Much of the early coverage of Harris came under the byline of Herb Caen, a legendary gossip columnist for the San Francisco Chronicle and a friend of Brown's. 

His March 1994 article details a glitzy star-studded 60th birthday bash for Brown that included Eastwood, Barbra Streisand, "and many other earthy immortal" on the guest list. Ink dedicated to Harris, then a 29-year-old deputy district attorney in Alameda County, recounts the Eastwood champagne episode and describes her as "something new in Willie's love life." 

"She's a woman, not a girl. And she's black," Caen also wrote.

Other California news outlets would pick up on the Harris-Brown relationship, since Brown was married but estranged from his wife. After Brown appointed Harris to plum spots on state boards, a Sacramento Bee political reporter dubbed Harris "Brown's — how shall we say it? — close personal friend." 

Harris' December 1995 breakup with Brown, just after he'd been elected San Francisco's mayor, also made news in Caen's column. The power couple's split "came as a shock to many, including those who found Kamala Harris attractive, intelligent and charming," he wrote. "The brain-trusters who found Kamala the perfect antidote to whatever playboy tendencies still reside in the mayor-elect's jaunty persona." 

While Caen's column was a must-read in San Francisco's in-crowd, it was also perceived as sexist, even at the time, Leah Garchik, another longtime Chronicle columnist who retired last year, said.

"He was a guy from a different era," she said.

Caen, who died in 1997 at 80, "would write ridiculous, old, sexist things about women all the time," Garchik said. But he was forgiven for it because "he was like a favorite uncle and also because he wrote so brilliantly," she added. 

San Francisco's 'queenmaker'

Harris remained a VIP on the San Francisco social circuit long after her breakup with Brown. The San Francisco Examiner mentioned she wore "head-to-toe buttery soft black leather" to a gala in 1997. She was spied dancing with Brown at a wedding that year too. 

For her part, Harris doesn't appear to have shied away from the coverage. She and Brown were guests at the wedding of Caen's son, for example.

San Francisco political insiders said Harris benefited — at least at first — from the media attention and her association with Brown, who has been labeled a "kingmaker" and "queenmaker" in the city.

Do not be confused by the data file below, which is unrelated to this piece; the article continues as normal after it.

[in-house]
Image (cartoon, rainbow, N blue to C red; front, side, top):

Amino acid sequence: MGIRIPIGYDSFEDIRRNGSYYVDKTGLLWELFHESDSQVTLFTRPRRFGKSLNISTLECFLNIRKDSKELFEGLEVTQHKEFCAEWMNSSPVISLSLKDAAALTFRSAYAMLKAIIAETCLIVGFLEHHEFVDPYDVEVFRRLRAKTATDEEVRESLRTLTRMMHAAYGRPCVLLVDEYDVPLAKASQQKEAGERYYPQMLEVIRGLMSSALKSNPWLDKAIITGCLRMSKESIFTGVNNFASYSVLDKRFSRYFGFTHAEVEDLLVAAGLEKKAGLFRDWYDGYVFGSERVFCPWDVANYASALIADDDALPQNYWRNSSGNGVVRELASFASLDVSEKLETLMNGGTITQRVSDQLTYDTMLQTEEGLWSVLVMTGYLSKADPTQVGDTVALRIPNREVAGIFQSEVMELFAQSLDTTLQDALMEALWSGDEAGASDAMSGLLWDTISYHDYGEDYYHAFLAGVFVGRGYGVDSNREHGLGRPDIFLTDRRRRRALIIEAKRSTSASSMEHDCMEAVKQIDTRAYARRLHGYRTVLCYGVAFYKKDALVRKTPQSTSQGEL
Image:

But Harris has also sought for years to distance herself from the former mayor.

"The mere mention of their former liaison makes her shoulders tense, her hands clench, and her eyes narrow," SF Weekly wrote in its 2003 profile, which included an interview in which she called Brown the "albatross hanging around my neck."

Brown, who doesn't get a single mention in the Democratic senator's 2019 memoir, regularly criticized Harris throughout her recent presidential campaign.

"Forget any talk about a possible VP slot on the Democratic ticket or chatter about an attorney general nomination under a new president in 2021," Brown wrote in a Chronicle column published in December, just after Harris ended her White House bid. "Kamala Harris should go on vacation, get away from the cameras and then get back to work."

A double standard? 

After Harris ended her presidential campaign, her 2020 rival Julián Castro accused the press of holding Harris to a different standard than other candidates.

The former Obama-appointed secretary of the Department of Housing and Urban Development cited a series of articles that surfaced before Harris ended her White House bid that focused on campaign dysfunction. A New York Times story from November also offered an embarrassing glimpse at infighting among staffers. 

Such coverage, Castro said, "trashed her campaign and focused on one small part of it, and I think held her to a different standard, a double standard."

Walsh of The Nation said there was a "resurgence of some of that sexism (and probably racism) in the presidential race" that Harris encountered early in her career.

"When you're diminished as a socialite who got where she did because of a powerful boyfriend you're probably primed to doubt the motives of at least some reporters on your beat," Walsh said.

But Harris' experience dealing with chauvinistic attacks — her office did not respond to requests for comment for this story — could also come in handy should Biden pick her to join the Democratic ticket.

For one, Trump has mocked plenty of other powerful women in politics, referring to Hillary Clinton as a "nasty woman," calling Massachusetts Sen. Elizabeth Warren "Pocahontas," and deriding Michigan Gov. Gretchen Whitmer as "the woman in Michigan." 

Indeed, the president already picked a fight with Harris once on Twitter after she dropped out of the presidential race in December.

"Too bad. We will miss you Kamala!" Trump wrote on social media. 

Harris — who was slated to hear impeachment charges against the president the following month — hit back: "Don't worry, Mr. President. I'll see you at your trial."